Respiratory rate (RR) is an important vital sign, but difficult to measure. Even though it is often measured poorly (in one of our studies we found it was most often 18, 20, or 22 breaths per minute (bpm) and never 17, 19, or 21 bpm) it is still a powerful predictor of outcome and can improve patient safety. This may be because the RR is never counted at all, and is actually a surrogate “nurse worried score” in which a rate of 18 bpm is awarded to patients no one is concerned about, 20 bpm when there is a slight concern, and 22 bpm when there is a major concern? Despite the above, studies on manually recorded rates have shown they predict outcome earlier than changes in other vital signs and may be particularly useful in identifying deterioration in the acutely ill, respiratory failure, COPD, early sepsis, cancer patients, etc. There is, therefore, no doubt that a cheap convenient device that accurately measured RR would be extremely useful and is badly needed (Respiratory rate monitor).
Capnography is generally accepted as the gold standard measurement of respiratory rate, but this method has issues when patients talk or cough or if they have a nasal blockage and breath through their mouths. Several alternative techniques can be used, such as sinus arrhythmia and other variations in the ECG tracing, changes in impedance, variations in patterns detected by pulse oximetry, or directly from breath sounds or chest wall movements. Chest wall movements can be detected by external equipment such as radar located above the bed or movement sensors either under the bed or in its mattress. Alternatively, chest wall movement can be directly linked to the patient by wearable wireless devices ranging from a simple strain gauge around the chest to accelerometers or other motion sensors applied to the patient, or from.
What is the best use of technology to measure respiratory rate? Does it matter what the RR is if the patient is up walking around? After all, the respiratory rate of an Olympic runner will be abnormal for a patient at rest. Therefore, for this data to be meaningful studies are required to determine the normal changes in respiration associated with movement. It may well be that the patterns of breathing are more important than the actual rate. This would be especially true for a sleeping patient who might have a rate of 12 bpm, but a 30-second pause in breathing. This begs the question as to the optimal time period over which the rate and pattern of breathing should be assessed. The traditional one minute is clearly inappropriate for apnoea, but should it be over 5, 10, or 15 minutes? Even more important is determining if there any benefits to continuously streaming and analysing information so that any sudden change in the patient’s breathing pattern, such as might occur during a sudden pulmonary embolism, is immediately detected. Thereby improving patient safety. This type of continuous streaming of large amounts of data poses many technical challenges that include the battery life of a wearable sensor, the bandwidth of the wireless connection, and the computer signal processing power.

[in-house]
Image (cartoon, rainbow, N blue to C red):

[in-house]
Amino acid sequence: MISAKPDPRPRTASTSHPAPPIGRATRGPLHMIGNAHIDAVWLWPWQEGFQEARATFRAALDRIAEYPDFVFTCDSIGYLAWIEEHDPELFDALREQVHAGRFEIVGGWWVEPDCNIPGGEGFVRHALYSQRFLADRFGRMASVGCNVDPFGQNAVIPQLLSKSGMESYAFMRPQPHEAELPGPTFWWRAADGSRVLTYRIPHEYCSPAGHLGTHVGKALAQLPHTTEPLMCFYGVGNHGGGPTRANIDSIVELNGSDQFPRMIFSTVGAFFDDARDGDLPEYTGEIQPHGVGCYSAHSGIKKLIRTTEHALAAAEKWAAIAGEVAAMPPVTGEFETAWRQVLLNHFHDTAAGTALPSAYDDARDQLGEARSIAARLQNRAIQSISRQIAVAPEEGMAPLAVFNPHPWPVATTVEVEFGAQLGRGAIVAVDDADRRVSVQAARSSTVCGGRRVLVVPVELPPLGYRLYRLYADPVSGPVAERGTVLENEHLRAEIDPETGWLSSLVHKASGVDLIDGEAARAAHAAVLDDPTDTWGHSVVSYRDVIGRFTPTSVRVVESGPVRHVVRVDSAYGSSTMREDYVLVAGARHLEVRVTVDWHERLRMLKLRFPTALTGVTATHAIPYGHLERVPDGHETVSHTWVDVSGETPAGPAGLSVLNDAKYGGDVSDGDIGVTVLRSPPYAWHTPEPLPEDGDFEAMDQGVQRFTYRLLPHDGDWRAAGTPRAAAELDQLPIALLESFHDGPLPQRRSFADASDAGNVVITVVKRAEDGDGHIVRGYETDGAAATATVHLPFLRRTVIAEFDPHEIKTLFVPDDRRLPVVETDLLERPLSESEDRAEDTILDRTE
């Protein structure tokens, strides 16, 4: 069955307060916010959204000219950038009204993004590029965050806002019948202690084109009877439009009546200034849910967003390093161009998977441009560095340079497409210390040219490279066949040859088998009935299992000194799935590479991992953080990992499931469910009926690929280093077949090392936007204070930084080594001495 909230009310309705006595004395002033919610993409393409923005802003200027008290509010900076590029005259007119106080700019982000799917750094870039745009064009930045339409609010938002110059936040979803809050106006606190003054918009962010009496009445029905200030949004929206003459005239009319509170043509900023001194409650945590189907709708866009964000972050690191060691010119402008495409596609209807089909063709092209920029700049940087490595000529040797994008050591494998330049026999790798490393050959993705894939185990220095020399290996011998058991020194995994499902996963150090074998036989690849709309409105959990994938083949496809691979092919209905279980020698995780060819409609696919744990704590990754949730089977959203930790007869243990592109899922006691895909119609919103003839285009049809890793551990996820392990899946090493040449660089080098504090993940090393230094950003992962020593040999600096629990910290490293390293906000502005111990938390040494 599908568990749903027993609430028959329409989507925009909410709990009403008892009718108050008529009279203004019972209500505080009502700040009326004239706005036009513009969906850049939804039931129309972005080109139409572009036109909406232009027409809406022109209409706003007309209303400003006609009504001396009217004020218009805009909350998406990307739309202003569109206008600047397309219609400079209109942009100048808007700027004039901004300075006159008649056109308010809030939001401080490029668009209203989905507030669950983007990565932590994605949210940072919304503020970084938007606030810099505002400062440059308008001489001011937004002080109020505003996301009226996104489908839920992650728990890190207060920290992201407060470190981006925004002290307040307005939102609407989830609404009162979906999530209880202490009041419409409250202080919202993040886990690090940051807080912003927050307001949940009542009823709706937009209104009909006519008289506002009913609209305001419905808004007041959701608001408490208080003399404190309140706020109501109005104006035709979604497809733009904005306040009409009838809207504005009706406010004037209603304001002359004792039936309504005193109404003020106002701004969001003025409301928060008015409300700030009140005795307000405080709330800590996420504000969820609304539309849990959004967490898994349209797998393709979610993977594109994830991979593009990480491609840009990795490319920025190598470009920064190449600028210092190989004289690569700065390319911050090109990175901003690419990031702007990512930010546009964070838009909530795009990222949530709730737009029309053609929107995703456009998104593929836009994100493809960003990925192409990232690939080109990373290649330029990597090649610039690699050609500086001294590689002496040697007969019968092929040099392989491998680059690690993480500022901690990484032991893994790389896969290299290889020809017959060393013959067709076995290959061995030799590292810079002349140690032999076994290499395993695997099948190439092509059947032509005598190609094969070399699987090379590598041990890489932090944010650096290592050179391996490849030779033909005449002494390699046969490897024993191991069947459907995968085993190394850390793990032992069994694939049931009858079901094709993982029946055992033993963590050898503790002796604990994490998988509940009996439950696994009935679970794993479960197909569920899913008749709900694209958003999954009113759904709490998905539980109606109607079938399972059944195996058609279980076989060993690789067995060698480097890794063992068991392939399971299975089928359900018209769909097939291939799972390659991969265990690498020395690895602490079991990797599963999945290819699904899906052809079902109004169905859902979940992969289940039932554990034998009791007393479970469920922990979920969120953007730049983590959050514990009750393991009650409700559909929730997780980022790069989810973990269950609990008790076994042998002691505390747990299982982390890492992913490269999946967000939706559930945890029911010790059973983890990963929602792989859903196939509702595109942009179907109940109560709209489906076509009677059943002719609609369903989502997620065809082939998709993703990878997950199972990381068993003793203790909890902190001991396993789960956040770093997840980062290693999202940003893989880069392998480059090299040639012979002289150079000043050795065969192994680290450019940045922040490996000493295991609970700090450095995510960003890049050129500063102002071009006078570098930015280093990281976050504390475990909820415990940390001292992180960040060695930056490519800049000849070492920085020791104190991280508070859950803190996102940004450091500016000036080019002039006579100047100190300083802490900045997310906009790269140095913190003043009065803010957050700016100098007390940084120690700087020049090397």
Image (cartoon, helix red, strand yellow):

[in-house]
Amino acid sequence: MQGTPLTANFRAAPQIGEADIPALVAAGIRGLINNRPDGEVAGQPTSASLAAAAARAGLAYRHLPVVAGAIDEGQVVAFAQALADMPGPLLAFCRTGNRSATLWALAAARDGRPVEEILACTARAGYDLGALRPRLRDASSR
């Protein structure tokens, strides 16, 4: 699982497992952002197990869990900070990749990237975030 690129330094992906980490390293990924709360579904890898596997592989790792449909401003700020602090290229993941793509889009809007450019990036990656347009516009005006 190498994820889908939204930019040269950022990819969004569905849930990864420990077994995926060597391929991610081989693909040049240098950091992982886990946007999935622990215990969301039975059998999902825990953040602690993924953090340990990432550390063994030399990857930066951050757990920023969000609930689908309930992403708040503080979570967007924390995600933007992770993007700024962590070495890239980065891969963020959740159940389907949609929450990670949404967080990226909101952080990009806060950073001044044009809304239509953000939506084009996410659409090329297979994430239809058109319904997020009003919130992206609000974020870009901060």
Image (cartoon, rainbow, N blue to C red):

Respirations are under both conscious and unconscious control and influenced by speech, emotion, pain, and exercise. However, even in highly trained individuals, the breath can only be held voluntarily for so long. Over time the body will eventually automatically optimally balance the work of breathing against the need to inhale oxygen and exhale carbon dioxide. The work of breathing is determined by how stiff or compliant the lungs are and how well they ventilate and diffuse gases – all of which are influenced by a variety of respiratory and other illnesses. I would be very surprised if many of these illnesses did not have characteristic patterns of breathing that will eventually be identified by advanced monitors, which would greatly increase our ability to detect and treat them and reduce preventable mortality and morbidity.